Lastly, technology advances constantly, every day, and this is another cause for millennials not having the same lifestyle as their parents. When Baby Boomers were the age of the average millennial there wasn’t nearly as much technology in the workplace, which didn’t shrink the pool of available entry-level jobs.
For example, robots or computers have taken over many jobs that used to be available not even ten years ago. The places where computers have already taken over is at grocery stores in the US such as Target or Walmart where there are over double the amount of computers for scanning your item than amount of people behind the register.
The idea of “robots taking over the world” isn’t so far fetched anymore. Within the next 10 years, even more jobs will be mainly run by robots.
According to Michael Grothaus from Fast Company, some of the jobs that will be taken are jobs involved in banking, financial analytics, construction, farming, driving, manufacturing, and journalism.
In the long run, the only jobs I can see run by humans are in the entertainment business, fashion, and a judge in a court of law.
My reasoning for this is because these professions have to understand how the human brain is thinking and I do not think robots are capable of doing that.
Now, of course, fancy advertising lures us into buying products that we do not need. (Dear parents: remember when you let the TV babysit us because you were too busy with work or play – well, we’ve been conditioned since childhood to be consumers, high-end consumers, so maybe it would have been cheaper in the long run to have spent some more time with us. Just saying.) Our purchasing habits can be anything from the newest phone to a brand new, expensive car.
Baby Boomers were at the beginning of the American addiction to expensive and advanced products that one can’t live without. Millennials and Generation Z have grown up with this market and have seen ads, commercials, videos, etc. of why “this product is right for you”. It is hard to say no to something you’ve been with your entire life. Technology has progressed the most in Millennials lifetime. For example, in Millennials lifetime the first smartphones were produced and advertised when they were little causing them to buy one and now for Generation Z big expensive computers, cameras, and luxurious smartphones. In Baby Boomers life they saw this too but they lived without it for so long, it wasn’t quite so appealing as it was to Millennials and Generation Z who observed this from an early age.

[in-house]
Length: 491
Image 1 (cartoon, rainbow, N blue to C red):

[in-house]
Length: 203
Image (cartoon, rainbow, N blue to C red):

This unfolding disaster scares for Generation Z and future generations. I am almost certain all of the things I listed that is making Millennials having a hard time living will be worse for my generation. I think that prices for education and technology will continue to grow making everything almost impossible to pay for, I think that the job market will be extraordinarily difficult making it even harder to get a “dream job”, and that technology will not stop advancing based on everything that has already happened to the previous generation. What will happen? Unless something changes, nothing good. Only time will tell.
For aNewDomain, I’m Audrey Ewing.
Alton, Larry. “Millennials Are Struggling To Get Jobs – Here’s Why, And What To Do About It.” Forbes, Forbes Magazine, 22 Dec. 2016, www.forbes.com/sites/larryalton/2016/12/22/millennials-are-struggling-to-get-jobs-heres-why-and-what-to-do-about-it/#2293019f4bb0.
Basu, Tanya. “Millennials Have Jobs But Still Live at Home.” Time, Time, 29 July 2015, time.com/3974659/millennials-labor-living/
Grothaus, Michael. “Bet You Didn’t See This Coming: 10 Jobs That Will Be Replaced By Robots.” Fast Company, Fast Company, 18 Jan. 2017, www.fastcompany.com/3067279/you-didnt-see-this-coming-10-jobs-that-will-be-replaced-by-robots
Martin, Emmie. “Here’s How Much More Expensive Life Is for You than It Was for Your Parents.” CNBC, CNBC, 21 June 2017, www.cnbc.com/2017/06/21/life-is-much-more-expensive-for-you-than-it-was-for-your-parents.html.
Featured image: Teitel, Emma, “Apparently, millennials don’t like talking to humans — maybe there’s a reason why” The Toronto Star, 21 Sept. 2018, https://www.thestar.com/opinion/star-columnists/2018/09/21/apparently-millennials-dont-like-talking-to-humans-maybe-theres-a-reason-why.html
Graph of Average Cost of College v. Median Incomes, “Median Incomes v. Average College Tuition Rates, 1971-2016.” ProConorg Headlines, ProCon.org, 20 Apr. 2017, college-education.procon.org/view.resource.php?resourceID=005532
Graph of Millennial Workers, Matt. “Uber For Outplacement: The Gig Economy and The Death of HR.” Recruiting News and Views @ RecruitingDaily, Recruiting Daily, 26 Aug. 2016, recruitingdaily.com/uber-capitalism-gig-economy/.